What happens when one of the world’s oldest and most revered form of communication meets hip-hop culture? Magic. Explore how this modern version of poetry influences learning and helps students both think and communicate in new and powerful ways. Presented by Ken Arkind, Executive Director Denver Minor Disturbance. Ken is joined onstage by Brave New Voices Youth Poetry Slam Champion, Amal Kassir.
What happens when hip hop culture, young people, and poetry meet: Ken Arkind at TEDxDenverTeachers
Hip-Hop’s Place in Education | Nathan Brault | TEDxBeloit
Nathan Brault is a Janesville, Wisconsin native and graduate of Beloit College; a rapper and educator. His presentation, titled “Hip-Hop’s Place in Education,” tells us about the power of hip-hop and the role it can play in the classroom and in the lives of young people today.
Nathan Brault is a hip-hop artist and rising educator from Janesville, Wisconsin. A recent Education Youth Studies and Sociology graduate from Beloit College, Nathan began making mixtapes and performing at age 17 using the stage name Troy Nathans. During his third year at Beloit College, he was introduced to the concept of Culturally Relevant Pedagogy. Upon realizing that hip-hop was being used as an effective pedagogical lens in educational settings, he sought to participate in those spaces. He has since interned at the Black Box Theater Program at Washburn High School in Minneapolis, written a thesis entitled, “Hip-Hop Pedagogy, Pedagogy of the Oppressed, and the Fifth Element of Hip-Hop: A Synthesis,” and continues to write and perform across the midwest. He plans on releasing his first album later this year and he will be directing a hip-hop workshop series with high school youth that focuses on topics surrounding knowledge of self and social justice.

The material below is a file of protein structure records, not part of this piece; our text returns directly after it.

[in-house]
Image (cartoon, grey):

This talk was given at a TEDx event using the TED conference format but independently organized by a local community. Learn more at http://ted.com/tedx
HIP HOP EDUTAINMENT PRESENTS 6 year old Summaya Plummer aka SMART KITT MC.
Aka SMART KITT MC covering @TheRealJayMarie ONE DANCE song.
Hip hop, grit, and academic success: Bettina Love at TEDxUGA
This impassioned talk explains how students who identify with Hip Hop culture have been ignored or deemed deficient in schools because of mainstream misconceptions associated with Hip Hop culture. Through Hip Hop, these students embody the characteristics of grit, social and emotional intelligence, and the act improvisation- all of which are proven to be predictors for academic success. So where is the break down between formalized education and the potential for success for these students? Dr. Love argues that ignoring students’ culture in the classroom is all but an oversight; it’s discrimination and injustice that plays out in our culture in very dangerous ways.